Hooktown Donates $ 10,000 to CCA | News, Sports, Jobs

Times Observer Photo by Brian Ferry Terry Pearson of Hooktown Holidays presents a check for $ 10,000 to the Executive Director of the Children’s Advocacy Center, Melissa McLean, for the purchase of a service dog.

When Terry Pearson of Hooktown Holidays visited the Warren County Children’s Advocacy Center in Warren, he was impressed. But he noticed that one thing was missing.

“The only thing I haven’t seen here is some kind of dog” Pearson said.

Executive Director and forensic interviewer Melissa McLean agreed that it would be good if the center could have a service dog.

But, due to the cost, it was more of a “Bucket list” item as something that was on his radar at close range.

That was until Hooktown Holidays set up a special project to help the center buy a dog.

Hooktown’s mission statement is specific – “Funds given to Hooktown Holidays go directly to the community to help people who live without necessity” Pearson said. Funding for a service dog, no matter how small the need, was not up to par. So officials had to create a separate funding stream.

“I started going out and asking for funds to provide this animal”, he said.

After about a year – interrupted like everything else by the COVID-19 pandemic – Pearson, on behalf of the Hooktown Holidays Children’s Advocacy Center Project, handed McLean a check for $ 10,000 to purchase the dog.

The next step is to find the right person, McLean said.

The dog, specially trained in several ways, will bring comfort to children, already on fragile emotional ground, who must talk about their experiences and sometimes testify in court in order to prevent someone from causing them further harm and harm. ‘other.

McLean worked with the Courthouse Dogs Foundation. Service dogs are typically Golden Retrievers or Labrador Retrievers raised and trained for a calm, submissive temperament.

“We are not just looking at a dog that is going to distribute here every day”, she said.

“If children pull their tails or their ears, they don’t react” McLean said. “Dogs have empathy. They listen to these heightened emotions.

“The first mandate would be to have the dog available for forensic interviews”, McLean said.

But the role of the dog would go beyond.

“The courthouse is a scary place”, McLean said. “For the children, it’s a lot.

Assistance dogs are sometimes permitted in a courtroom.

The dog may need “Spend two hours on the witness stand when a child testifies in court”, she said.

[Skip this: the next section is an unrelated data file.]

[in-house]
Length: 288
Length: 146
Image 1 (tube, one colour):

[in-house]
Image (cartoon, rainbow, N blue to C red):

The dog must be able to go unnoticed and would be brought in and out of court in the absence of the jury.

If the jury noticed the dog, the defense could argue that its presence generated additional sympathy for a victim.

Whenever the dog is with a child or someone else who needs it, the role is the same. “It’s a feeling of comfort, a feeling of peace” McLean said.

There will be no dogs arriving at the center in the next few weeks.

“Once we are matched with a dog, we are probably looking at another year,” McLean said.

But, the dollars will speed up the process.

Being able to tell the Courthouse Dogs Foundation and other entities that the community – not a public official – raised the money “Means for them that the project has the support of the community”, McLean said.

Children are not the only ones to benefit from the presence of a CAC foster dog.

“Secondary trauma is one of those areas that is important and I think the dog will help with that as well,” McLean said.

Secondary trauma affects people who need to see the impacts and hear the details of “some horrible, horrible things,” she said.

“One in 10 children will be sexually assaulted before their 18th birthday”, she said. “A very small percentage of children actually disclose while they are children or even adults.”

Hooktown’s donation will either fully fund the training and purchase of the dog or be very close, McLean said.

Pearson has indicated that Hooktown may continue to accept donations specific to the facility’s dog. Phase 2 of this project includes the provision of food, veterinary care, grooming and necessary equipment.

By raising money for the dog, Hooktown continued its primary mission and contributed over $ 11,000 to “The entities that we always support”, Pearson said. The next step for the organization is the fall charity garage sale. Hooktown is accepting items for the sale which will take place, along with a chicken barbecue, on September 10 and 11.

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